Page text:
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7) Chiku – This fruit is also known as Sapote in the Spanish-speaking world.  The sweet flesh is very soft but a bit rough in texture.  Like most fruits in this part of the world, it is seasonal and thus available only at a certain time of the year.  I was glad that it was available when I made my visit back recently.

DSC_0146.jpg8) Chempedak – this fruit is related to the Jackfruit and Breadfruit, but it grows only in the Southeast Asian region.  The flesh is a rich and sweet soft flesh, much like the texture of a ripe mango, but much sweeter and strong heady notes to accompany it.  The seeds are usually saved and boiled, tasting much like a richer water chestnut.  As a child, I would eat this fruit that has been battered and deep-fried, which made the seeds edible when well-cooked.  It is definitely missed due to its unavailability outside Southeast Asia.
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9) Starfruit – most homes in this tropical country would grow this fruit tree since they do well without much care.  When in season, the tree bears many fruits that need to be wrapped in paper to prevent the birds from ingesting them, as was in the case at my auntie’s home.  the skin is a a thin skin that protects a juicy insides, much like a soft apple.  However, it is slightly tart and sweet at the same time, providing a light crunch in each bite.  Strangely, Malaysians love to eat it by dipping it into a pool of salt.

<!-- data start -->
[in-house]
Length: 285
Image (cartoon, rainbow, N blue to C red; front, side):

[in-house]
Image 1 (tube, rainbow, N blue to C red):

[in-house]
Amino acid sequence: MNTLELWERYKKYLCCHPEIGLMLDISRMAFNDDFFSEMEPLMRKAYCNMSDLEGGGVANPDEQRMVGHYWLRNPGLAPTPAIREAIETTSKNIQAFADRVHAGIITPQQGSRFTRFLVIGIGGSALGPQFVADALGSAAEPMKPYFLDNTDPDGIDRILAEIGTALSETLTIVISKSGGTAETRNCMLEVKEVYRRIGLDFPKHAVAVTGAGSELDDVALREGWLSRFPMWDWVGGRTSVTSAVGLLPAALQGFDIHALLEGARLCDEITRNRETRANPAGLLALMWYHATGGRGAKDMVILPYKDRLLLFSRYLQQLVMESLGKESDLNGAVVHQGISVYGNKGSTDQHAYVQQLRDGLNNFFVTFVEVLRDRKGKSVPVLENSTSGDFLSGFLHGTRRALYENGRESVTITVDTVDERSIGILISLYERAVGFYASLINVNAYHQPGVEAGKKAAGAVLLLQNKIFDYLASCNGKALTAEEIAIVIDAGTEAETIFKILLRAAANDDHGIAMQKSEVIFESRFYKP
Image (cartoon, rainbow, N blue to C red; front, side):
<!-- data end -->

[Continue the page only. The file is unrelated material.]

DSC_0151.jpg10) Papaya – another commonly grown fruit tree in most homes is the papaya.  Like the starfruit, it is commonly vulnerable to birds that sense when the fruits are ripe and sweet, thus the common practice of wrapping them in paper as they ripen.  I really enjoy this soft and sweet fruit that exude a unique fructose flavor that is unmatchable.  It is one of my favorite breakfast fruits that is paired with a squeeze of lime.

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11) Mata Kuching – A long time favorite of mine.  It is a slightly leathery flesh that is very sweet, coating a hard black seed.  It bears the name of “cat’s eye” due to its similar appearance.  This fruit is very sweet and makes it completely irresistible, making heavy consumption of it possible.  However, the common warning is that consuming too much can over-tax the system.

DSC_0285.jpg12) Dragon Fruit – this fruit was not common more than 10 years ago.  This fruit is indigenous to Vietnam and it made its way to this part of the world.  It bears such name due to the leaves that emanate from the body of the fruit, looking like dragon scales.  But inside bears a richly colored fruit that is soft and sweet.  It has become a well sought-after fruit by the locals due to its wonderful flavor and exotic looks.